Sleep Fragments

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A 15-Year-Old Male with Sleep Bruxism

Contributed by Lourdes M. DelRosso and Romy Hoque Division of Sleep Medicine, Department of Neurology, Louisiana State University School of Medicine, Shreveport, Louisiana

A 15-year-old male presented with snoring and excessive daytime sleepiness. His bedtime was typically 9:00 P.M. and his wake time was 6:00 A.M. He had no relevant past medical or psychiatric history and was taking no medications on a prescribed schedule. The patient denied use of tobacco, alcohol, caffeine, or illicit drugs. He also denied sleepwalking, sleeptalking, nocturnal leg movements, or temporomandibular joint pain. The patient’s Epworth Sleepiness Scale score was 13/24. His body mass index was 34. Examination of the oral airway revealed worn mandibular molars bilaterally, a Mallampati score of 2, a tonsil size of 1, and a neck circumference of 16.5 inches. The remainder of the physical examination was normal.

A diagnostic nocturnal polysomnogram (PSG) revealed a total sleep time of 460 minutes and a total sleep time apnea- hypopnea index of 0.4 events per hour. The minimum pulse oximetry value during the PSG was 90%. There was evidence of flow limitation with respiratory effort– related arousals, a respiratory disturbance index of 6 events per hour, and an arousal index of 31. There were 59 episodes of sleep bruxism during the recording, averaging 7.7 bruxism episodes per hour of sleep. The longest bruxism episode lasted 20 seconds.

A representative 2-minute epoch (Figure 1) and a video recording from the patient’s polysomnogram are shown below.


What is the appropriate  next step in the management of this patient’s bruxism?

figure 1



Figure 1. Two minutes of N2 in the supine position. Four respiratory effort–related  arousals (RERAs) are shown. Each RERA is followed by an episode of bruxism as seen in the chin EMG lead. Chin EMG sensitivity was increased for improved visualization.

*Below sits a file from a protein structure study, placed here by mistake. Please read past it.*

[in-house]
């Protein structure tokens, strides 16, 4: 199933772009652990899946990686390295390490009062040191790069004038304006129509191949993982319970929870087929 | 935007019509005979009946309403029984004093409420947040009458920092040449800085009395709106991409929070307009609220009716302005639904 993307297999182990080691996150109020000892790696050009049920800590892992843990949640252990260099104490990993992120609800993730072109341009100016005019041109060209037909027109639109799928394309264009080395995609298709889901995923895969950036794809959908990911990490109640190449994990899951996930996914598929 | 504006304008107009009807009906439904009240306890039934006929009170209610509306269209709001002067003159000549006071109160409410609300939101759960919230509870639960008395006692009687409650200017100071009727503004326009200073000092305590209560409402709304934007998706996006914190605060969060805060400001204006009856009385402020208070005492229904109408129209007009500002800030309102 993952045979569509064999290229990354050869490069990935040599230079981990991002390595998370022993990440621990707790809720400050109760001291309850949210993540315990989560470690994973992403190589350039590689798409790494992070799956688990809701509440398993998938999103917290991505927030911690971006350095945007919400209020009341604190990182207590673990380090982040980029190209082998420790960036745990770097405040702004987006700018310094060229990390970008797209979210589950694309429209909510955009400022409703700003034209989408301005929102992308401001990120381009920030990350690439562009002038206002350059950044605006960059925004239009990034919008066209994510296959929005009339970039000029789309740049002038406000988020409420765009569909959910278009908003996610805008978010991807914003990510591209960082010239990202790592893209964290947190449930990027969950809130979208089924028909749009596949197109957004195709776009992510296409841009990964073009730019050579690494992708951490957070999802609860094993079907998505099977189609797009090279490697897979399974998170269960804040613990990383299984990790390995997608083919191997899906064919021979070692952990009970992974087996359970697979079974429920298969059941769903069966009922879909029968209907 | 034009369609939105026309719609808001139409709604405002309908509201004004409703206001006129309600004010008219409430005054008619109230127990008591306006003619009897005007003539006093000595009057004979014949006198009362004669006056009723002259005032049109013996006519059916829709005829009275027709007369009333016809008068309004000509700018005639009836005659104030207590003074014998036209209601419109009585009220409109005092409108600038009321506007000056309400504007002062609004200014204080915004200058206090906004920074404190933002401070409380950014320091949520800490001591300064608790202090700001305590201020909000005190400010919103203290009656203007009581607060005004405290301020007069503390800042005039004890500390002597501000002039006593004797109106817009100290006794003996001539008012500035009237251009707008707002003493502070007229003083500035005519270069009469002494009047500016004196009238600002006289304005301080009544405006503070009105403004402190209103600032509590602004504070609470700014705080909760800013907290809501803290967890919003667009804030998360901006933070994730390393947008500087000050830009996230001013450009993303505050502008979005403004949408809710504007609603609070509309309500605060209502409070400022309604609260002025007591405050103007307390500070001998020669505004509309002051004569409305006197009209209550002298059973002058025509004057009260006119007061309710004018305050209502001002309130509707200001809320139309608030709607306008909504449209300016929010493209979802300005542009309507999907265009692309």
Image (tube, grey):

Treat the patient’s sleep bruxism by titrating continuous positive airway  pressure (CPAP) therapy to abolish respiratory effort–related arousals.


Sleep bruxism is a sleep-related movement disorder characterized by repetitive episodes of involuntary grinding and clenching of the teeth. Sleep bruxism usually occurs in non–REM sleep, especially during N2 and sleep stage transitions (1). Up to 40% of children and 8% of adults experience episodes of bruxism, without sex preference (2). Some, but not all, patients with bruxism report awareness of tooth grinding during sleep. Other important findings are jaw discomfort and physical findings of tooth wear.

The American Academy of Sleep Medicine diagnostic criteria for sleep bruxism include report of teeth grinding sounds 3 to 5 nights per week over the last 3 to 6 months, masseter hypertrophy, abnormal tooth wear, and discomfort/pain in the jaw muscle. However, the gold standard for diagnosis is the nocturnal PSG (3). On PSG, sleep bruxism is characterized by elevations in chin surface EMG activity of at least twice the amplitude of the background EMG. These elevations can be tonic (if longer than 2 sec) or phasic (0.5–2 sec). At least three elevations must occur in sequence, and at least 3 seconds of stable background must occur before a new episode of bruxism can be scored. Masseter electrodes are not required for the evaluation of bruxism but may be placed as an option at the clinician’s discretion (4).

The mechanism of sleep bruxism has not been clearly elucidated. Possible etiologic mechanisms include: genetic predisposition, sleep arousal, dental malocclusion, centrally mediated oromandibular activity, reduction of airway patency, or increase in airway resistance (5). Bruxism has also been associated with psychiatric conditions, mainly depression and anxiety, alcohol, caffeine or tobacco use, and sleep disorders such as parasomnias and obstructive sleep apnea (OSA).

Among the sleep disorders, OSA appears to be the greatest risk factor. In sleep apnea, episodes of bruxism usually occur at the time of arousal and recovery of breathing (6). Just as in OSA, bruxism varies with patient sleep position and occurs more commonly in the supine position versus the lateral positions (7). The association of sleep bruxism and sleep- disordered breathing is supported by the improvement in bruxism after tonsillectomy/adenoidectomy, use of a mandibular advancement device, or CPAP therapy (8–10).


Our patient underwent CPAP titration. Sleep-disordered breathing and sleep bruxism resolved with the initiation of CPAP. Review of the PSG and accompanying video recording revealed only two episodes of bruxism during the CPAP titration study. The patient was initiated on CPAP therapy of 6 cm, and at 1-month follow-up he reported improvement in excessive daytime sleepiness. His Epworth Sleepiness Scale score was 8/24, improved from 13/24 before treatment.

Author disclosures are available with the text of this article at


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Citation: Lourdes M. DelRosso and Romy Hoque "A 15-Year-Old Male with Sleep Bruxism", Annals of the American Thoracic Society, Vol. 10, No. 2 (2013), pp. 172-174.